Summary List Placement
The hot new consumer trend for venture capital investors is grocery apps that promise deliveries in as little as 10 minutes.
The premise is fairly simple: Take your pick of groceries, alcohol, and other essentials from an app, pay, and a courier will deliver the items to your door shortly afterwards.
It’s a trend that founders and investors will prove popular with tech-savvy users already accustomed to on-demand services like Uber, and amid the pandemic.
Data analyzed for Insider by Pitchbook showed tech investors in Europe had plowed $1.6 billion into grocery delivery startups in 2021 so far, more than double the investment into the sector for the entirety of 2020.
Turkish grocery delivery app Getir bills itself as the original gangster. Founded by serial entrepreneur Nazim Salur in 2015, the company initially struggled to attract investment from top-tier investors.
Six years on, Getir is worth $2.6 billion after a funding round led by Facebook investor Sequoia and faces competition from European clones such as Gorillas, Dija, Weezy, Fancy, and Zapp.
The amounts of cash flooding into the sector and the accompanying valuations are puzzling, given that grocery delivery is famously low margin. Consumers will not pay high prices for fresh food and other everyday essentials. Add in the costs of picking, packing, and delivering these cheap items to your day, and there isn’t much in it for the retailer.
We spoke to Getir’s founder about why investors are seeing dollar signs in a tough sector.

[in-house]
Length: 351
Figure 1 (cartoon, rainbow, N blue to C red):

This Q&A has been edited for length and clarity.
Insider: Can you tell me the origin story for Getir?
Salur: Getir, the idea at the time, in 2015 was an original idea. Nobody else was doing 10-minute delivery at the time.
I was doing a taxi-hailing app, which is still around in Turkey and is called BiTaksi. I founded BiTaksi in 2013. And when we came to 2015, we were able to give taxis in an average of three minutes. I was looking at the dashboard of BiTaksi where I can see all the taxis. I just felt a sudden happiness that we hit the three-minute mark, you know, you give yourself some milestone to reach, and then just as you become happy, there’s also an emptiness. So I had that ‘now what?’ moment. A taxi is just one need, people have many other needs.
I thought at the time, ‘Why don’t I have small vans where I put a few hundred items and everyday essentials and bring the stuff to people’s doors in an average of 10 minutes?’
From the BiTaksi days, we knew how mobility worked in a city, the logistics of a crowded city, we had a lot of experience with that. If I hadn’t done BiTaksi earlier, I wouldn’t dare to do 10-minute delivery.
Insider: Running a grocery business is quite different to ride hailing. What are some costs and complexities you hadn’t anticipated?
Salur: A ride-hailing business, or just food delivery, is much easier to operate. The grocery business is at least five times more complex. Ride hailing, food …read more
Source:: Businessinsider – Tech
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